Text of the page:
In reality, there are numerous factors at play. The Hauraki Gulf marine park has been intensively fished for decades. The figures published in the 2020 State of the Gulf report say it all:
1. There has been a 100% reduction in wild mussels. It’s well documented that 500 km2 of mussel beds were destroyed in the 1960s by commercial dredging. The only remaining wild mussels are found in the intertidal zone.
2. The commercial harvest of blue mackerel has increased by 470% since the park was established in 2000. Between 2016-19 the commercial industry extracted a staggering 9,000 tonnes of blue and jack mackerel from the Park.
3. There has been a 57% reduction in the population of jack mackerel and a 32% reduction in other small pelagic species.
4. And, 376 tonnes of pilchards are harvested annually from the park.
Individually, each of these statistics is alarming. But the real concern is the fact that these species are the food sources for seabirds, mammals, john dory, kingfish, kahawai and, of course, snapper. Without these keystone species, the ecosystem will be dramatically different, or species will cease to exist altogether.
So, what do we do with the vast amount of mackerel that is bulk harvested every year? We export it frozen and unprocessed to Ivory Coast, Philippines and China for an average price of $2.30 per kilo. Is it worth starving our snapper for $2.30?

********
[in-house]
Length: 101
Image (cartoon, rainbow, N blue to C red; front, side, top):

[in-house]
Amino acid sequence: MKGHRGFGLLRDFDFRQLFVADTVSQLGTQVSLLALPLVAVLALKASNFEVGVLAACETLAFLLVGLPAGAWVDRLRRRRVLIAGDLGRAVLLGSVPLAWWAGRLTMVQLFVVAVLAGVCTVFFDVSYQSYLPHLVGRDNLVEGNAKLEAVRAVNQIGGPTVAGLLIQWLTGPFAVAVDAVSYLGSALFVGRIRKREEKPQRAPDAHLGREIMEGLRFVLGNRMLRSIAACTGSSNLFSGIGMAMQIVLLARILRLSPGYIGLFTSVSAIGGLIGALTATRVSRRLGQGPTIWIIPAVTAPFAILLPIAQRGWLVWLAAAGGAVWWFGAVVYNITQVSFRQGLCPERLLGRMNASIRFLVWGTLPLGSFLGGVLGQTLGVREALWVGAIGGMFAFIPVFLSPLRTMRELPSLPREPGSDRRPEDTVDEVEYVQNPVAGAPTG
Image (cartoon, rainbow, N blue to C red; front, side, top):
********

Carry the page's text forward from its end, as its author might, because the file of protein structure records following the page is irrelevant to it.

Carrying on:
If removing vast amounts of baitfish is not enough, the preferred commercial harvest method for many finfish species is bottom trawling. Bottom trawling requires dragging large nets and sleds along the seafloor. This crushes the crabs, mussels, invertebrates, and other species. Once again, these are sources of food for snapper, trevally and other fish.
To add insult to injury, there was an emergency closure of the last remaining viable scallop beds off Little and Great Barrier last year. Until then, scallops were commercially harvested by dragging a huge Victorian box dredge along the seafloor. Again, this harvest method decimates seafloor life, further reducing food sources for our snapper populations.
After decades of dragging nets and dredges along the seafloor, we have removed the biodiversity. Now there are large areas devoid of the very food source that our coastal fish populations require to survive.